Autism doesn’t necessarily require treatment, but there may be areas of struggle for which an autistic PDA individual may benefit from specific support. Areas of need include sensory support, help with identifying emotions or managing anxiety, or support with speech and communication. Because preservation of autonomy is crucial for PDA individuals, approaches that support autonomy, agency, and self-advocacy are most helpful.11
Because PDA has a strong component of anxiety, counseling or therapy can help identify triggers and offer coping strategies. Sometimes just talking to a supportive professional who understands can be important. For counseling or psychotherapy, working with an autistic, neurodivergent, or neurodiversity-affirming provider may be most helpful.
Although many autistic folks benefit from structure and routine, structure imposed by others can feel like a demand and threat to autonomy for the person with PDA.11 Instead of a fixed, imposed schedule or routine, allowing the individual as much choice, freedom, and autonomy over their lives as possible can be beneficial. Facilitating autonomy while providing gentle support can be instrumental.13
Other forms of therapy to help support PDA autism include:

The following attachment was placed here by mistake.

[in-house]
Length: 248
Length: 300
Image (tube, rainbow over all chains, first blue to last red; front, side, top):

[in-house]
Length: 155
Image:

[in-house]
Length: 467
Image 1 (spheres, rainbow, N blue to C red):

- Hippotherapy (therapy with horses)
- Music therapy
- Art therapy
- Speech and drama classes
As with other autistic folks, time alone and respite from social interaction can be necessary to restore and recharge one’s energy. Also, time, space, and encouragement for the person to pursue and learn about their own hobbies or special interests can help them achieve overall balance and well-being.
Pathological demand avoidance is an autistic profile that comes with unique strengths and challenges. Identifying PDA can facilitate increased understanding, allowing us to better honor and support the needs of each PDA individual.
For Further Reading
PDA autistic adults offer the greatest insight and education related to the PDA experience.
Here are resources created by austistic adults:
- Harry Thompson (PDA autistic/ ADHD)
- Kristy Forbes (PDA autistic / ADHD)
- Sally Cat (PDA)
- Neuroclastic: The Autism Spectrum According to Autistic People
- PDA Society UK
- Autistic Self Advocacy Network (ASAN)
For more information on autism, see our Best Books on Autism.